SpaceX Falcon 9 Explodes in Test Flight Over Texas

On Friday August 22 a Falcon F9R exploded with the on board computer detected a problem during a test flight. In a statement SpaceX said “flight termination system automatically terminated the mission,” …”There were no injuries or near injuries.” It is not yet known what actually caused the system to abort the flight.

This version of the Falcon is the three engine model which they hope to be able to launch as a single stage to orbit and then soft land using the engines to touch down. SpaceX has demonstrated soft landings several times using its Grasshopper test bed but these flights only attained an altitude of about a thousand feet.

By and large SpaceX has been highly successful, their rocket program being one of the few new private ventures to provide cheap reliable methods to insert payloads into Earth Orbit. Normally the tried and true parachute has been the preferred method to return equipment safely from space. SpaceX is attempting to go where no rocket has gone before and use the engines to return the vehicle safely to Earth. Thus far that is only been done in the realm of science fiction.

Related : SpaceX Grasshopper completes 744m test flight

To be honest I still don’t see the real value added in this method, other than the cool factor. The fuel you use to land is carried at the expense of additional payload. The math for this has never really worked, the cost of carrying the mass of the larger entire vehicle into space and soft landing using engines never really made sense. Until there is a much more efficient propulsion method the fuel mass to thrust equation just does not support this concept in my humble opinion. Taking into account the resources needed to refurbish the rocket even if it does land safely are you really saving enough money/resources to make it worth while? I think not.

Related : Video – Falcon 9 1000m Fin Flight Onboard Cam and Wide Shot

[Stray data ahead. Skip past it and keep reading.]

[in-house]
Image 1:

Maybe SpaceX has unlocked some formula or concept that makes sense we don’t see but I remember back in the early days of the Space Shuttle when the Russians were caught off guard at the design of the shuttle. They did not understanding why America would design a vehicle astronauts could not escape from, they looked at the math and also did not see how it could make economic sense. Russia wondered what America was up to, what were they missing. Did America know something they did not. It was a design that just did not add up. Russia even went as far as to build their own clone of the shuttle to see if they could learn something, had they missed some basic premise..Well they had not, and ultimately the Space Shuttle proved costly in both terms of lives and money. America ultimately wound up contracting Russia to use their rockets to deliver payloads to space.  The Shuttle was a technical marvel, but just not the best, safest way to get the job done.

The same thought applies to the soft landing rocket design SpaceX is using. It just does not pass the sniff test for something that is feasible. It is neat no doubt to see a rocket landing like that, but a parachute seems much more efficient, reliable, and cost effective. Something that would work is a space plane concept. A vehicle that takes off and lands on a runway. Virgin Galactic is doing something like this to put tourists in space, and the Orbital Pegasus used a similar concept where the rocket is carried to altitude and dropped from a plane. This method is okay for smaller payloads but I will start to get excited when we have a large plane that goes into space and then returns. Image if we could put something the size of a 747 in space and return it. Now THAT is a reusable spacecraft. Once we do something like that spaceflight will be as safe and routine as an airplane flight.

The Engineers at SpaceX will no doubt figure out what happened an fix it, every failure is a lesson learned. Failures are exactly why we test. When your pushing the envelope of new technology there are bound to be bumps in the road. So I would not think if this as a failure but rather a success in finding an issue with the systems. We will see how it all ultimately plays out, maybe Buck Rogers is in our future after all.

About the author

Recipient of many prestigious NASA Awards including the Exceptional Public Service Medal and the Robert H. Goddard award. Experience includes working for NASA, as a contractor, in satellite design, construction and operations. Expert in the satellite operations concepts and ground systems including command, control, and science data processing.